The human body has 70% water in its composition and maintaining this percentage is essential for the permanence of life. A dehydrated body has a lower than ideal proportion of water, causing an imbalance of some electrolytes such as sodium and potassium.
Seawater, on the other hand, has a higher concentration of dissolved salts than what exists in our body. It is what is chemically known as a hypertonic solution. Therefore, when ingesting sea water, a process called osmosis takes place. It ‘steals’ the water present in the cells of our body, in an attempt to balance the concentration of salt inside and outside the cells, quickly dehydrating the body.
Chemistry professor Fabíola Campos, from IFPE (Federal Institute of Education, Science and Technology) in Pernambuco, compares the human body with a tomato, when subjected to a salt water solution. “After a while, it withers,” she says. In addition, it impairs the proper functioning of the kidneys.
“Drinking salt water can lead to death in one or two days, depending on the amount of water ingested”, says João Pitoscio Filho, chemistry coordinator at Grupo Passo.
But can you filter the water easily? “It is absolutely impossible to filter seawater using clothes, for example”, says chemist Carlos Cerqueira. He explains that the salt dissolved in water is in the form of ions, which are the size of atoms. “The ions pass through the holes in the clothes along with the water molecules”, he adds.
Thus, filtration would only serve to retain solid particles. To drink unsalted water, a castaway could try to evaporate seawater in some container (like a plastic bag), collect the steam and drink the condensed water. This process, called distillation, separates the water from the salt because the salt does not evaporate along with the water.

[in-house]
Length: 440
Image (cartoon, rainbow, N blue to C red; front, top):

Evaporating salt water and collecting it with some support is the simplest form of desalination
Imagem: Getty Images
There are other desalination processes. One of them is reverse osmosis, a kind of filtering, but which requires bold devices. “It occurs when a pump generates pressure and transmits water through a semi-permeable membrane”, explains Daniel Ângelo, scientist at the Ciência em Show group. There are also technologies that employ microorganisms or graphene oxide, says the expert. But they’re all complex and expensive—nothing a castaway would have in his pocket.
Other ways to get clean water are hoping for rain — and for it to not be so strong as to capsize the boat that they kill the castaway floating — or by eating a lot.
“A good part of the water we ingest comes from food. Some have more water than others. And fish have plenty of water”, says Ângelo. But even though it can serve as a source of water, a diet without liquids, based only on solid foods, may not be enough to guarantee hydration, according to the expert.
*With article by Fernando Cymbaluk